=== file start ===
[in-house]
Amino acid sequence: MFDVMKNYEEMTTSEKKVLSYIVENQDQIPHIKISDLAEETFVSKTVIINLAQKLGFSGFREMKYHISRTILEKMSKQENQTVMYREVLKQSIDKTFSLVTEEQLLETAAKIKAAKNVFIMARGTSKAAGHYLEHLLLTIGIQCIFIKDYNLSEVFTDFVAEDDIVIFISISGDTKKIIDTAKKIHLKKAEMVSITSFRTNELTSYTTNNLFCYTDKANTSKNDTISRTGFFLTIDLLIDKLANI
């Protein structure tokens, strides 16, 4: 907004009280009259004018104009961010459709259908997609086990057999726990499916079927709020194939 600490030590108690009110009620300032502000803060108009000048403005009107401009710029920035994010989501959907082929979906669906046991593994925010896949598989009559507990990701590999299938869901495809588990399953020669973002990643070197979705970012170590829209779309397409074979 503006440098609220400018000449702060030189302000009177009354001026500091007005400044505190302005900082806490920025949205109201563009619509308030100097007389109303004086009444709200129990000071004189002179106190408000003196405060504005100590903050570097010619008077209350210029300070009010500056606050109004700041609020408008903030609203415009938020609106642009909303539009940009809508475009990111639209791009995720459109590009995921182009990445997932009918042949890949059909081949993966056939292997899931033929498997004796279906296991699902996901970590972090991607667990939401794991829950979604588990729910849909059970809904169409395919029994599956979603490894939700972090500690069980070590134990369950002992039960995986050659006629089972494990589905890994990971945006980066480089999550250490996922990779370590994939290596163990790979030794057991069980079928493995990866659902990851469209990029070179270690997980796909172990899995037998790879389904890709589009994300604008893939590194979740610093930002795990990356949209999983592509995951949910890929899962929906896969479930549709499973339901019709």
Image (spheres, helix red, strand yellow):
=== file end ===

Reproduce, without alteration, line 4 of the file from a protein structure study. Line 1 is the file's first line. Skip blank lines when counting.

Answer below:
Image (spheres, helix red, strand yellow):